Though it is not yet finished, this bassinette skirt has been such fun to embroider. It is for our daughter who is expecting her second child and first little girl. When she bought the bassinette, she saw the blank, unadorned side panel skirts as blank canvases.
Knowing they could be transformed into any style she liked, she chose lambs as the theme and let me run with it. She usually gives me carte blanche when she requests a project. I am always so appreciative as it makes the creative process so much more enjoyable.
I love making a scene from a set of designs. In addition to a few components from other collections, these landscapes are made of the Plush Pals Lambs from Amazing Designs. Minkee, polar fleece and other specialty fabrics are used for the applique’d lambs.
A 30″ skirt attaches to each side of the contemporary bassinette which has wooden head and foot boards. A 7″ pleat is centered on each skirt. I thought it would be fun to see a hidden vignette when the pleats are opened. One pleat shows a clothesline hung with baby girl laundry.
The second side is started but only the center pleat is done. From the beginning, I planned to include a black sheep, but it took a while to work out a setting and situation.
The pleat seemed to be just the place to send a misbehaving lamb. By copying, pasting and mirror imaging a fence section, a corner was created. The lettering on a sign, extracted from another design, has been replaced with “time out.” The flowers used throughout were added for cohesiveness and to maintain the mood and style of the rest of the skirt design.
Creativing these bucolic settings, I was taken back in time to when our 4 year old reluctantly moved out of the nursery into his own big boy room. We were in our Mother Earth phase, with a big vegetable garden, chickens, ducks, geese, dairy goats and Ryan’s very own pony. In his new room, one wall was papered with kiddie farm scenes much like those in his little world.
Bedtime stories were woven from those illustrations–tales of the blue polka dot pony who jumped the fence to play with the goats, the pompous geese who made fun of the ducks’ short necks, etc.
For Alastair, I have already spun yarns of these lambs and their antics. When Baby Girl is born, that will be special story time for the two of us while his mama is nursing the baby.
Making scenes like this can be challenging and fun. The process requires a sizeable design folder, careful measurements and printed templates.
First, on my computer I created a “bassinette” folder and copied into it every design I had that could possibly be used. Then after planning a few basic landscapes, some designs were eliminated. On the computer, I combined the selected designs in BuzzEdit2. There I could shorten or lengthen a row of flowers, scoot a lamb closer, etc.
When I was pleased with one 15″ side, the designs were arranged into the required number of frames. Usually, this was accomplished with two hoopings for each scene beside the pleat. Next templates were printed out so the positions could be marked.
The scene’s center is where I prefer to start. For this project, the pleat is at the center. So I created the clothesline and the bad black sheep scene so that each measured 7″, the size of the pleat. For the sides, I arranged and rearranged the templates, edited and measured until I had 15″ of design for each side.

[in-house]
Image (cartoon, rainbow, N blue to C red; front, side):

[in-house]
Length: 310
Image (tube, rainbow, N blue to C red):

The clothesline posed a special challenge because it was just freestanding with no posts. For my purpose, it had to hang from something. Using a tree from Sue Box’s Woodland Treasures, on the right, a branch was added for the clothesline to tie onto. The birdhouse sits on a shelf which was lengthened to reach the clothesline on the other side.
Initially, I was pleased with this. But when the pleat is closed, the two tall features of the landscape seem to be ridiculously close. And who ever saw a birdhouse taller than a tree? Of course, what isn’t ridiculous about pink lambs and bulky sheep jumping fences? But it just isn’t as pleasing as I had expected.
The other side will be better because that bad black sheep is just isolated, not joined to the scene outside the pleat.
This whole project would have been sooooo much easier with the use of the snowman and scanner on my Brother Quattro. But it is in the shop for routine maintenance. I can’t wait to bring it back home.
I’ve had a few interruptions on this project. Grandson Alastair, 3, called me 4 days ago to tell me the exciting news that he got a “Francesco” character car of Pixar Cars fame. He was just ecstatic and gave me a very lengthy and detailed description of its wonder. I knew a shirt was in order.
Jerry Nix Roberts makes the cutest short/applique’d shirt outfits for her grandson Charlie who is about Alastair’s age. Her pictures posted on SewForum and Facebook made me want to do more sewing for our precious little boy.
So with the Brother Cars design card on hand (a gift from my dear friend Terri . Thanks again!) and several blank shirts in his size, all I needed was fabric for shorts. As luck would have it, I was going to my favorite local shop, The Sewing Studio in Maitland the next day. There I found Cars fabric for shorts.
Wednesday, they were mailed. Friday night I got this picture and a call from Alastair, bubbling with excitement. He kept saying “Thank you, Nana!” and telling me he loved his shirt and he loved me over and over again. That melted my heart.
He asked me to make him another Cars shirt, commanding, “Do it tomorrow, okay Nana?”
I guess the bassinette skirt and all the baby dresses I want to make will have to wait a little longer. I’ll do anything that little guy asks me to do. Because I love him right back.